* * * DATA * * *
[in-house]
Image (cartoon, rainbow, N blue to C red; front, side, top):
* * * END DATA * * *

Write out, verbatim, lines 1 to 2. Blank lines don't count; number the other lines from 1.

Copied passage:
[in-house]
Image (cartoon, rainbow, N blue to C red; front, side, top):